Please turn with me to Matthew 5:43-48.
We began a few weeks ago with the first section of the Sermon on the Mount, known as the Beatitudes, which describe the traits of a true, born again Christian. Jesus begins his very first sermon by defining what a Christian is. Notice – he doesn’t say, a Christian is a somebody who attends the temple every week, or somebody who never drinks or smokes or curses, one who boycots Disney, or other things that we might equate with a “Christian” in our modern context.
Jesus is not talking about religious life at all. He is talking about a change so deep that you are no longer the same person you once were. Your core, your essence has changed.
v1-12 – describe the blessed life of a Christian
v13-16 – discuss the influence of a Christian in the world as salt and light
v17-48 – talk about the various moral issues, which we will cover today
To me, verses 43-48 are the true litmus test for the type of deep, internal change that Jesus is talking about. Love for one’s enemies is the litmus test – you pass this test, then, you can say, there is ample evidence that I am born again. Or born of the Spirit as a child of God.
We are going to do a broad sweep over the rest of this chapter, v17-48. But our focus will be v43-48. Let’s read those verses.
Verses 17-20 discuss how Jesus came to fulfill the Law or the Prophets from the Old Testament. I think there is considerable misconception between the relationship of the OT and the NT. Did Jesus fulfill the OT law in the sense that he came to replace it? Which means, we don’t really have to teach from the OT because it’s all out-dated, obsolete anyway. Is that what Jesus fulfilling the OT law means? The answer is a resounding “No.” Read v17–
17 “Do NOT think that I have come to ABOLISH the Law or the Prophets; I have NOT come to ABOLISH them but to fulfill them.”
Then, Jesus goes on to explain how nothing must be removed from the law, even the smallest stroke of a pen, to that level of precision, the Word of God is exactly the way God wanted it to be. No errors, no fluff, nothing unimportant that you can gloss over. The whole counsel of God needs to be studied, Old and New Testaments.
You hear this and a question might come to mind – wait a minute, I thought that Jesus condemned religious-minded, law abiding Pharisees and scribes so why would we be bound to rules from the Old Testament?
This is the question that came to mind as I was studying this section. Jesus did not criticize the Jewish religious leaders for trying to uphold the Law itself. He was critical of their distortion of the Law, their wrong interpretation of the Law which led to some rather self-centered, uncaring behavior. Like being more concerned about keeping the Sabbath law, which is a good thing–resting and focusing on the Lord–yet they were more concerned about not working on the Sabbath than having compassion on someone who was sick and needed help on the Sabbath. This is a distortion of the Law. Or, the importance of holiness from the pagan nations, which is a good thing, but instead of this driving them to be a light to the other nations, this call to holiness became distorted and warped so that Israel grew into a monster who felt pride and superiority over the other nations. This is a wrong interpretation of the Law.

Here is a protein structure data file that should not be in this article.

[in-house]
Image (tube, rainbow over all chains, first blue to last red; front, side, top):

Jesus did not come to replace the Law. He came to interpret the Law correctly. God is the same as he was yesterday, today, and forever more. From the beginning of time until now, He has not changed. Interpretations can change, but the Law itself never changes. Therefore, Jesus came, not to abolish the Law, but to fulfill it and to explain it correctly.
This is why Jesus can say in v20 —
20 For I tell you that unless your righteousness surpasses that of the Pharisees and the teachers of the law, you will certainly not enter the kingdom of heaven.
In the OT law, there are 248 commandments and 365 prohibitions. Certainly, Jesus cannot mean that there is a heavenly point system and we have to score a 230 out of 248, or score higher than the Pharisees in keeping the commandments and prohibitions in order to enter the kingdom of heaven. Remember, the key is proper interpretation. Jesus takes the flawed interpretations taught by the Pharisees and He sets before us the correct interpretation and the proper intent of the Law that should have been understood from the very beginning.
I think we will learn something very important by studying for a moment the mentality that led to the distortion of the Law so that we can catch ourselves from falling into the same trap.